fceptre was delivered into his hands. At the appointed 
feafon he will return with all the enfigns of royalty, 
and with irrcfiftible power. He will come in his 
glory ; and that (hall be the day -of his triumph. 

For the prefcnt his dominion is not generally ac- 
knowledged. The Jews efpecially, who were his 
own people", more than others, and ought to have 
Cubniitted to him with joy, have (hewn a mcft ma- 


* lia. xhr. 23. Phil. ii. 10, II, 



fignant oppofition to him, and folcmnly renounced 
him, as their ruler. But, without further notice of 
them, the queftion for ourfelves is, Do we reverence 
the Saviour, as we ought, in his regal office? The 
kingdom is His: do we rejoice in it? Do we cordi- 
ally confent, that " this man fliall reign over us?" 
Are we looking for his future advent? What recep- 
tion may we expe6l from him, when he appears i 
Or, what fhould be our deportment, till he return? 

I'he prince, here defcribed, left his ten fervants 
behind him with the care of a certain portion of mo- 
ney. Ten pounds were committed to their manage-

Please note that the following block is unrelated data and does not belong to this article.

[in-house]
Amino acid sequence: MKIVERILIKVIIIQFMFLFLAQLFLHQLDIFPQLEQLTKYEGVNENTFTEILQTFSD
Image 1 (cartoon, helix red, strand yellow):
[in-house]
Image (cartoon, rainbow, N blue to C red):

ment, of which they were charged to make a diligent 
life, during his abfence. Under thefe very circum- 
ftances the difciples of Jefus are placed. They pro- 
fefs fabjcvSlion to him, and they'ftiould aft at his com- 
mand. Their very name, as they are ** fervants," 
implies their obligations to work, agreeably to his 
direftions. They are intruded with various advan- 
tages, one in one way, and another in another; and 
thefe they are required to improve, as men in trade, 
£o that they may turn them to the moft profitable ac- 
count. It is intended, indeed, that they fhall be 
fharers with their Mafter in the future glory of his 
kingdom; but for the prefent they are appointed, not 
to any high honours or diftinftions in the world, as 
fome perfons then vainly dreamed, but to a poft of 
labour and difficulty; and their moft vigorous efforts 
are necefiary, in the bufinefs affigned th'em. 

The prince returned in full poflcffion of the fo- 
vereignty, which he had expefted, and flriilly exa- 
mined his fervants, what benefit had accrued from 
their ufe of the money committed to them. Two of 
the number, by their fidt:lity and diligence in com- 
merce, had made very coniiderable improvenrient of 
their ftoclc, though one of them was far inferior to